A friend of mine asked me a question about who the Southern Writers I most enjoy beyond the usual suspects of Edgar Allan Poe, Mark Twain,  Zora Neale Hurston, William Faulkner, Katherine Anne Porter, Thomas Wolfe, Flannery O’Connor, Walker Percy, Cormac McCarthy, Tennessee Williams (Playwright & Short Stories), Robert Penn Warren, A.R. Williams (Poet/Essayist), and Truman Capote. Good Reads has a good list to start with along with the specifics of Country noir, but it’s a toss up for the best – and, there are some missing on Good Reads I’d add. But that’s just it, matters of time, memory, and habit all seem to coalesce in this world; shift us to those writers that speak to us, that give us something we need, a dark gift of wisdom. The one’s I keep on reading and rereading, the one’s that give me pleasure or disturb and perturb me to change and wake up and help me get through the bleak days of my life and our century of idiocy are the one’s who spoke to me, lifted me out of my self-pity and gave me the power to find my own voice, my own way, my own truth in this world.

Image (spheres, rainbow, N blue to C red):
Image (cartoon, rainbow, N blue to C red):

There’s always something about certain writer’s that kicks your ass, pulls you up by the seat of your britches and speaks not at you, but with you; gives you that which sustains you and helps you get out of bed every day; feeds the soul-stuff that keeps you afloat in the midst of dark days and nights. It’s as if their works keep changing as you change, keep moving the ball and target to another place than before; and the readings and rereading’s  suddenly get updated with something strange and new, some new insight you’d not seen or felt before: one of those gotcha’s or Eureka moments that awaken in you a sense of that uncanny, that something old and familiar (Freud) that has suddenly jutted its head out of the well of time and brought you a new discomfort of the soul-substance you’d lost along the way in the guttersnipe worlds of life due to those open wounds of pain or suffering, fear and terror.